From 1970 to 1998, Pearl London taught a now-famous poetry seminar, “Meeting Poets and Poetry,” at The New School. London invited poets — including luminaries such as Stanley Kunitz, Maxine Kumin, John Ashbery, Derek Walcott, James Merrill, and Jorie Graham— to present their works-in-progress to students in the course, illuminating their poetic process by talking students through the various drafts and revisions of their work. In 2010, an edited volume of some of those conversations was published by Knopf as Poetry in Person.
Helene Swarts, alumna of the Continuing Education program at The New School, participated as a student in the course for many years, and presented her own poems in London’s poetry workshop.
Laura Cronk, on behalf of The New School Creative Writing Program, recently interviewed Swarts about her time with Pearl London, writing poems during the women’s movement of the 1970’s and 80’s, and what she is working on now.
Laura Cronk: You studied in Pearl London’s poetry class at The New School for many years. Could you tell me how you first decided to enroll in this class?
Helene Swarts: I found Pearl while studying for my graduate degree at NYU. Fortunately, some of Pearl’s students told me about her splendid class. So, at last, when I had a little more time and flexibility, after becoming a wife; mother; teacher; and published poet, I found Pearl London and enrolled at The New School where I remained her student for about six years.
HS: I knew at a very young age that I wanted to be a poet and a teacher. It was an innate feeling that I had to follow. I was fortunate that my uncle paid for and enrolled me in the acclaimed Ethical Culture School in Brooklyn, where I flourished with a small group of enthusiastic students and teachers. And very importantly, at New Rochelle High School I was introduced to Emily Dickinson’s poetry. Discovering Emily Dickinson was the defining moment in my life as a poet. If there had been any doubt before, there was absolutely none after.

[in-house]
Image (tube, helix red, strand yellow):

During a summer job while in college I worked as a sales clerk at Saks Fifth Avenue on Fifth Avenue where I was offered a job to go into their Buyer Training Program. Although I loved pretty clothes, I had to pass on the opportunity, as I knew I wanted to be a teacher and a poet — that was really all I ever wanted to be.
After graduating from college, I taught 5th Grade in Great Neck, Long Island. While teaching, I also wrote poetry. I began sending my poems out to be considered for publication. Over the years, I was often quite successful at getting my own poetry published, for which I am deeply grateful.
I studied for my Master’s in Literature at NYU, and later went on to study under Pearl London at The New School.
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